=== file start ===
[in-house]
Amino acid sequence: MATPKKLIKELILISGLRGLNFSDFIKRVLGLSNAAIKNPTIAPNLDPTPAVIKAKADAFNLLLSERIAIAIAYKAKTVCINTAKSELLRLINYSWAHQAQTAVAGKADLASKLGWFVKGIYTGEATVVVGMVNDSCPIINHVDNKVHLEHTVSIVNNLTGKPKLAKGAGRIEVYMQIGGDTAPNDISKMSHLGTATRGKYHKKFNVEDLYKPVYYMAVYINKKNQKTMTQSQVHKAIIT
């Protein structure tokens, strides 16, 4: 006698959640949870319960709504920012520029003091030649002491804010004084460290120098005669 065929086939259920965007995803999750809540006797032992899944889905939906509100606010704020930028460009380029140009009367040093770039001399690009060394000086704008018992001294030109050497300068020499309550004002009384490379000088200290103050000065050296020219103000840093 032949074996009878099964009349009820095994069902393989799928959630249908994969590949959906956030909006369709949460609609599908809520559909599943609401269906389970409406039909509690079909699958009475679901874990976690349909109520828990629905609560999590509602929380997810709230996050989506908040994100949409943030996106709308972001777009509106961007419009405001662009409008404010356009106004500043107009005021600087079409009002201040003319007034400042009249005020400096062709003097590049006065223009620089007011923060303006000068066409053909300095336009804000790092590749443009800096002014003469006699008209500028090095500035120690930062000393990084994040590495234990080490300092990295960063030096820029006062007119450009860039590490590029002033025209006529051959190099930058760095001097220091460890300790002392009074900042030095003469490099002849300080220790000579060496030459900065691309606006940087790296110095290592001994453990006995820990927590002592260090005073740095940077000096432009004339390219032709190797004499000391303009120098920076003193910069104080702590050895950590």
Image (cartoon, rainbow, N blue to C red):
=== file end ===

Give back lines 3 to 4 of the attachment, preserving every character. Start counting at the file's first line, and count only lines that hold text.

């Protein structure tokens, strides 16, 4: 006698959640949870319960709504920012520029003091030649002491804010004084460290120098005669 065929086939259920965007995803999750809540006797032992899944889905939906509100606010704020930028460009380029140009009367040093770039001399690009060394000086704008018992001294030109050497300068020499309550004002009384490379000088200290103050000065050296020219103000840093 032949074996009878099964009349009820095994069902393989799928959630249908994969590949959906956030909006369709949460609609599908809520559909599943609401269906389970409406039909509690079909699958009475679901874990976690349909109520828990629905609560999590509602929380997810709230996050989506908040994100949409943030996106709308972001777009509106961007419009405001662009409008404010356009106004500043107009005021600087079409009002201040003319007034400042009249005020400096062709003097590049006065223009620089007011923060303006000068066409053909300095336009804000790092590749443009800096002014003469006699008209500028090095500035120690930062000393990084994040590495234990080490300092990295960063030096820029006062007119450009860039590490590029002033025209006529051959190099930058760095001097220091460890300790002392009074900042030095003469490099002849300080220790000579060496030459900065691309606006940087790296110095290592001994453990006995820990927590002592260090005073740095940077000096432009004339390219032709190797004499000391303009120098920076003193910069104080702590050895950590």
Image (cartoon, rainbow, N blue to C red):